This is the original location of the Fremont train station in Dickenson County VA:


As the railroad went up to Moss mine, Fremont became a busy place…built in 1915.  Sometime later, a giant grabbed the depot and put it on the hill.  Up there is Fremont Avenue (Highway 83 which wends its way between Clintwood and Clinchco.  On the other side of the tracks, across a rather heavy-duty bridge over the McClure River, is Highway 63 which takes you to, surprise!, McClure.
The renovated depot, by the way, looks great and continues to well serve the people who travel in this area.

Clinch Mountain Tunnel





This tunnel unites Kermit and Speers Ferry VA in Scott County west of Gate City (see comment below).  The tunnel is over 4,000′ long.  This string is heading north.  Just behind me and to the right is a curve that creates banshee-like shrieks as the wheels negotiate it (how do trains, without a differential, as such, handle curves?  Read here.)

Pounding Mill tunnel #2

This is Pounding Mill tunnel #2, looking easterly.  It’s centered at 37.078653, -81.738603 and is about 377′ long.  A straight line distance from tunnel #1 is a little over a mile, but probably along the line of 2 miles if you walked the track, which we didn’t.  And we had a very hard time finding this tunnel and #3, since Google Earth, of which we are not worthy, made a teensy error, labeling Estates Street as Ash Street and we were totally lost.  Lee was hungry, it was nearing noon, so he suggested we give it up and head over to a nearby Wendy’s so he could get one of their baked potatoes.  I rarely eat potatoes, so I stayed outside, propped up against the car, looking at the topo map to see if there were any other way to get down to where those tunnels are.  An SUV pulled up.  The driver, a man, leaned over his passenger, a women, and asked, “What are you looking for?  I might be able to help you.”  I took the topo over and was pointing out where we needed to go to both the man and, as it turned out, his wife.  She took one look at the map and said, “That’s where my parents live.”  As I batted away the angels singing around my head, I explained that we needed to find Ash Street.  The man said that they’d changed the name of it to Estates Street.  Problem solved.  He called ahead, got permission for us to cross his father-in-law’s land to get to the railroad and the tunnels.  When Lee came out of Wendy’s with his food, I told him what was going on and he just laughed and shook his head. “Who would believe it!”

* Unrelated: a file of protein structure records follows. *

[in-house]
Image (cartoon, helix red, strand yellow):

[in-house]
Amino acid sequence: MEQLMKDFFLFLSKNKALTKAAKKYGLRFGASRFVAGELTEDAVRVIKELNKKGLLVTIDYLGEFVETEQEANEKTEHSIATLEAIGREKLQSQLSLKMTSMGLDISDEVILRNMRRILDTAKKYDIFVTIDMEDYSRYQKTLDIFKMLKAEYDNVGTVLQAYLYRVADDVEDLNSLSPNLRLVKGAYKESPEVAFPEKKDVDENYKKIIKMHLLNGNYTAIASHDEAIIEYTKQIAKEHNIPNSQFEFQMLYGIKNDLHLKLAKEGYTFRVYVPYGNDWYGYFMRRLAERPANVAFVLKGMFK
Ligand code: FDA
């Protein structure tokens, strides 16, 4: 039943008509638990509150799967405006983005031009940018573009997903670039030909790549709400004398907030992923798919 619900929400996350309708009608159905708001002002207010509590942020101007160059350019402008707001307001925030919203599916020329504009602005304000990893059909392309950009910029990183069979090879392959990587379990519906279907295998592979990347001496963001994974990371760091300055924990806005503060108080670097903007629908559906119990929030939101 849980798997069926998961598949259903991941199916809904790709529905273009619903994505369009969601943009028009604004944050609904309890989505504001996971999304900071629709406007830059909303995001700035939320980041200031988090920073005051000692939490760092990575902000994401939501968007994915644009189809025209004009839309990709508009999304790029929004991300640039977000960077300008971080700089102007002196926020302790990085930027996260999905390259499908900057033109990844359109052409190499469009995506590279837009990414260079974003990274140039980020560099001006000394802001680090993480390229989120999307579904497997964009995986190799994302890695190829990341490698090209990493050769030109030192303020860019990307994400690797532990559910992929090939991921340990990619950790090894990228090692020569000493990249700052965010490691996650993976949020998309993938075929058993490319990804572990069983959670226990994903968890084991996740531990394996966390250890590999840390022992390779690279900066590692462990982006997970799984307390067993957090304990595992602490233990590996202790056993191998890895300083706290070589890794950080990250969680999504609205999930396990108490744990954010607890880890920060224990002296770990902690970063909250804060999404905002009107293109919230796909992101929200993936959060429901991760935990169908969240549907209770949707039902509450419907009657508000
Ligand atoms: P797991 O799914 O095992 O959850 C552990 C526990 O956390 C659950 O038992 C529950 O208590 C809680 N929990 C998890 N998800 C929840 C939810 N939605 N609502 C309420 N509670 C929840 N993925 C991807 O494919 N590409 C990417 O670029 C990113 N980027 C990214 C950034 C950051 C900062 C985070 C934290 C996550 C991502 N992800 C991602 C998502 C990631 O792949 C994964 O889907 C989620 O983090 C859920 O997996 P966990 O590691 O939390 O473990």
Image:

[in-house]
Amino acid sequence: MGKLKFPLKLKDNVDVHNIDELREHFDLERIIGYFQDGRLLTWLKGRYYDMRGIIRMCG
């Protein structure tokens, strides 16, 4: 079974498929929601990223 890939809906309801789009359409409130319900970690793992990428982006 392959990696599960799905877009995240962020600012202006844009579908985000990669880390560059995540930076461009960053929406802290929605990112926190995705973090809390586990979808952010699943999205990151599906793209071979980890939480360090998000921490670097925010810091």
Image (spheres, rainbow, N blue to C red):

So, here’s tunnel #2.  It probably looks pretty much as it did 120 or so years ago.

Dry Fork tunnel #3

This is a long one.  It’s 4,688′ or so and centered at 37.152524, -81.693367, near Bandy VA.  Interesting design on this portal.  Since I’d just made a production of sliding on my belly down the 30′ or so embankment coming up here, I wasn’t in the mood to trudge over to the other portal to check it.  You can,  if you want to.

Meadowview VA train station

Yeah, it’s not a tunnel, but I’ve gotten interested in documenting the remaining train stations in our area.  Some are pretty tarted up and some are gone.  Some have character.
This one, which appears to be on the road to renovation, is in Meadowview VA.  It’s pretty much standard issue train station.
The railroad came to Meadowview around 1856 and kept the community prosperous until the 1950s.  Meadowview, also known as Meadow View, is near Whitetop Mountain.

Dry Fork tunnel #4

We’re just off Hwy. 627 about a mile south (as el cuervo flies) of Bandy VA.  This tunnel is centered at 37.128412, -81.699718.  It appears to be about 501′ long.  There’s a trestle  a little bit past this northern portal that goes over 627, but, since I lost my notes on this journey, I don’t recall the date on the trestle.  Btw, I’ve replaced both the voice recorder and the eTrex with newer models. I tried them out last Sunday as we explored the old town of Bulls Gap…first railroad there was built by slave labor in 1857.  I’ll be posting it to soon.